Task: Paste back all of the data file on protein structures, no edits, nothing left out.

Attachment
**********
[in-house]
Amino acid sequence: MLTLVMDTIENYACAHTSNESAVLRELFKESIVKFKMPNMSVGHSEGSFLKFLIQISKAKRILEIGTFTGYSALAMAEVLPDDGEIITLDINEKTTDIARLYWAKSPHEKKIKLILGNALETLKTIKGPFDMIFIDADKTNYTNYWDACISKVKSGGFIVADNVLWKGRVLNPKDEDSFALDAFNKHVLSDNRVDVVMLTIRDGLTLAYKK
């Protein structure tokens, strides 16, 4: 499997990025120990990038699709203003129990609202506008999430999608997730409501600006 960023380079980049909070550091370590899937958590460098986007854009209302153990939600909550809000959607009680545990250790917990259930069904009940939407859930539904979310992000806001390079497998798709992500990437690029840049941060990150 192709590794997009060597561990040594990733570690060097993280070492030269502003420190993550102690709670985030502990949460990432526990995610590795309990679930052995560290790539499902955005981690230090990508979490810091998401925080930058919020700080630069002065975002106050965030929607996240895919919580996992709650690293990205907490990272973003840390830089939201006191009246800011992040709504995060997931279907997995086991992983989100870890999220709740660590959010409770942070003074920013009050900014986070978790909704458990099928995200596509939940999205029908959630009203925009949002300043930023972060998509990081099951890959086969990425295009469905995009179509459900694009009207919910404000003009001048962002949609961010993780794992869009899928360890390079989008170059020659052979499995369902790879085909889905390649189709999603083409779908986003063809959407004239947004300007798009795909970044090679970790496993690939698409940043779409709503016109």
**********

[in-house]
Amino acid sequence: MLTLVMDTIENYACAHTSNESAVLRELFKESIVKFKMPNMSVGHSEGSFLKFLIQISKAKRILEIGTFTGYSALAMAEVLPDDGEIITLDINEKTTDIARLYWAKSPHEKKIKLILGNALETLKTIKGPFDMIFIDADKTNYTNYWDACISKVKSGGFIVADNVLWKGRVLNPKDEDSFALDAFNKHVLSDNRVDVVMLTIRDGLTLAYKK
């Protein structure tokens, strides 16, 4: 499997990025120990990038699709203003129990609202506008999430999608997730409501600006 960023380079980049909070550091370590899937958590460098986007854009209302153990939600909550809000959607009680545990250790917990259930069904009940939407859930539904979310992000806001390079497998798709992500990437690029840049941060990150 192709590794997009060597561990040594990733570690060097993280070492030269502003420190993550102690709670985030502990949460990432526990995610590795309990679930052995560290790539499902955005981690230090990508979490810091998401925080930058919020700080630069002065975002106050965030929607996240895919919580996992709650690293990205907490990272973003840390830089939201006191009246800011992040709504995060997931279907997995086991992983989100870890999220709740660590959010409770942070003074920013009050900014986070978790909704458990099928995200596509939940999205029908959630009203925009949002300043930023972060998509990081099951890959086969990425295009469905995009179509459900694009009207919910404000003009001048962002949609961010993780794992869009899928360890390079989008170059020659052979499995369902790879085909889905390649189709999603083409779908986003063809959407004239947004300007798009795909970044090679970790496993690939698409940043779409709503016109």